Keeping Them Healthy
Gurgling and raspy pigeons? A good sign that you are overcrowding, but sometimes when you bring the pigeons in from a dealer you get some sick ones. The simplest plan is to "use them up" in the next training session, but there is a good chance they won't fly. And sometimes this will spread through the pen. When you hear them gurgling, its time to do something fast.
The most frequently reccomended course of action may be Tetracyclene in the drinking water for 10-14 days. This yellow powder can be purchased in a packet at many feed stores with a typical dosage of 600 -1500 mg per 4 liters. This is a good guide to various pigeon medications.
Ever seen a pigeon with twisty-neck? The bird will hold its head sideways and often cannot fly well. This is one symptom of Paratyphoid a.k.a. Salmonellosis which is a serious bacterial infection. With training birds it is best to quickly cull any birds exhibiting symptoms and it might be well to burn or bury the carcass. The disesase is highly infectious and can spread quickly to other birds.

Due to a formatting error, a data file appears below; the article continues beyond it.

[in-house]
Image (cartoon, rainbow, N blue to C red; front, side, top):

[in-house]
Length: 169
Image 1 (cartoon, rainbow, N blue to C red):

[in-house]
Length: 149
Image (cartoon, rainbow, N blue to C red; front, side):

Here is a good basic guide to pigeon disease and treatment.
The first line of defense in a loft is to keep it clean (as possible), dry, and uncrowded.
Got a great coop or pen? Or a good tip? Send your ideas and photos
for inclusion in a future article to Bill Fawcett:
Bill Fawcett resides in the Shenandoah Valley of
Virginia with his wife, Cindy, and his Smythwicks
Springers: Jenna, Beebe, Pie and Drake. He is an avid
hunter, field trialer, breeder and member of the
the ESSFTA. Bill is a regular contributor to Spaniel Journal through various articles, book reviews and his Wingtips column. Bill also maintains an extensive public ESS
pedigree database at smythwicks.org.